Why Attachment Parenting Is So Important To A Baby?

Any new parent who has their first baby will understand that a baby desires to be loved and cared for 24/7. This shows that humans are emotional creatures that need love in order to survive. That is why attachment parenting is so important to a baby because this method of parenting is necessary to create that special bonding between you and your child immediately after birth.

Telling your baby stories every night is a nice way to develop a stronger bond with your child. If you’re looking for some stories to read, why not take a look at www.TerrificParenting.com for some of these moral stories for children.

Once a strong natural and biological attachment is formed, the infant will start to recognize the care giving qualities of the parent and will start to accepting world and life as something that is both beautiful and loving.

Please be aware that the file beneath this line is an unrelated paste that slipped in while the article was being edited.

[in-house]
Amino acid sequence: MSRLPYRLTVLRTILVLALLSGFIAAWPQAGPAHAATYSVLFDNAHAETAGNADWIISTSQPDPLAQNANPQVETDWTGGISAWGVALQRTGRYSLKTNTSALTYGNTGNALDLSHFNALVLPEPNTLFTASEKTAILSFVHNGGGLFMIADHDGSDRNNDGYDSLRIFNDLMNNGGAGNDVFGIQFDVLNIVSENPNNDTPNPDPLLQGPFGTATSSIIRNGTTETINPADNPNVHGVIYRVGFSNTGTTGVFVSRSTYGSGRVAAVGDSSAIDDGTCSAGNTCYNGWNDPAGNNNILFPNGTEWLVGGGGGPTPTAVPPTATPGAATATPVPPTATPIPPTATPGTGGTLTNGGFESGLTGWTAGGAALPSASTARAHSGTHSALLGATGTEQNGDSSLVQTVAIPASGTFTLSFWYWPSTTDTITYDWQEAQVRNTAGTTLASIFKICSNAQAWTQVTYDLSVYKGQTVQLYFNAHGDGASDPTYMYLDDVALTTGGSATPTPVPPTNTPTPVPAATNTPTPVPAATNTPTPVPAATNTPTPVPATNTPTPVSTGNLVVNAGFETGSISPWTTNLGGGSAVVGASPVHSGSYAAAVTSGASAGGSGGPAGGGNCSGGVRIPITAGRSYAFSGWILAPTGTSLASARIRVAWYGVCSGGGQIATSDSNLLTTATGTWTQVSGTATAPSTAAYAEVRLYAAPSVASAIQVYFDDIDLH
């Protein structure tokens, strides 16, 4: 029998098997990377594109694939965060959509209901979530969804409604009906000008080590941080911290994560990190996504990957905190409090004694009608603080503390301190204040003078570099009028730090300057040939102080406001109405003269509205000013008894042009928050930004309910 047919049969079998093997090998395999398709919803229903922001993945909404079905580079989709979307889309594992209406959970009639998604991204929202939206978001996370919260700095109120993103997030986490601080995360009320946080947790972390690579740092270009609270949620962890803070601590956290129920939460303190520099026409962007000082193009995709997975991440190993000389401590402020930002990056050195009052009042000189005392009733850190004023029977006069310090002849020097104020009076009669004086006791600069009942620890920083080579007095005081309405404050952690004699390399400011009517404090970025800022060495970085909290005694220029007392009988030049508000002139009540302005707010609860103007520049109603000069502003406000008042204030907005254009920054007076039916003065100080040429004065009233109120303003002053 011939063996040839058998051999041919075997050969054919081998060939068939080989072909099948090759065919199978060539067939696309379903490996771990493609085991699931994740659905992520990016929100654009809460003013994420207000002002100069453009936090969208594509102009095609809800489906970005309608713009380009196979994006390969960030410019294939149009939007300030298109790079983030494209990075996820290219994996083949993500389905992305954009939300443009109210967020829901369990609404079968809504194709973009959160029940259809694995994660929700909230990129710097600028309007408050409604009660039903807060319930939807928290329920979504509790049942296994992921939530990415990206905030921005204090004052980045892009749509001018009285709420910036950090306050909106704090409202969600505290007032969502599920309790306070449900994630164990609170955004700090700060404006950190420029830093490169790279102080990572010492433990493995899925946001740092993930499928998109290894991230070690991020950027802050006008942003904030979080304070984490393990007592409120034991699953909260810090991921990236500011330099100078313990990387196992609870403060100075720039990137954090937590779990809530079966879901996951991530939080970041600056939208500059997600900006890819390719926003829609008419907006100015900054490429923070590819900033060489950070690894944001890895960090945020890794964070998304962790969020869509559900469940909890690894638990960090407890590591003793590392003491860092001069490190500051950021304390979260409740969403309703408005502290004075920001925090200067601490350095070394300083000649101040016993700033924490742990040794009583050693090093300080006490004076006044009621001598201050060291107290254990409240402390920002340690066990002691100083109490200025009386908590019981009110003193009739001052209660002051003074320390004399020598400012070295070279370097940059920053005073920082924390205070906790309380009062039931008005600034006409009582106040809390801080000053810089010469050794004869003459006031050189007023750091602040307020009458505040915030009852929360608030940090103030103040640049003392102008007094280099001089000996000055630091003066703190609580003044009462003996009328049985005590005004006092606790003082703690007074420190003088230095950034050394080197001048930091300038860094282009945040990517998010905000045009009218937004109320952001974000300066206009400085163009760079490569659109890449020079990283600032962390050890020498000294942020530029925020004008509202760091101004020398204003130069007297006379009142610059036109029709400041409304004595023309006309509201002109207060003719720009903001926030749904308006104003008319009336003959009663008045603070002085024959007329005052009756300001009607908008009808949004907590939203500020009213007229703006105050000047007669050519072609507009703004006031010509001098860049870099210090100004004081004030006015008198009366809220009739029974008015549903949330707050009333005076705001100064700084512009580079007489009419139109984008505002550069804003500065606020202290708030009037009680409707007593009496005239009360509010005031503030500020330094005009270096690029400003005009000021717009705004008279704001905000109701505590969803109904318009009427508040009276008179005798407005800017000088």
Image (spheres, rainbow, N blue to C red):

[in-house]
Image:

Great Toilet Training Tips For Toddlers

By Sarah Pietrzak

Are you and your toddler just about ready to say goodbye to dirty nappies for good? If you are, then it’s time to get clued up on the subject of toilet training. Toilet training (also known as potty training) can be a difficult and challenging time for both you and your little toddler but with good advice and guidelines it’s easy peasy. It can also be a fun and memorable time, as your child is likely to say things about bodily functions that will make you laugh.

Toilet training tips

Even the most understanding parent with the most co-operative child can sometimes hit a snag. For these occasions, we have compiled a list of top toilet training tips to get you back on track. Getting your child to stay dry at night can be a tough task to accomplish. Here are some of our awesome toilet training tips:.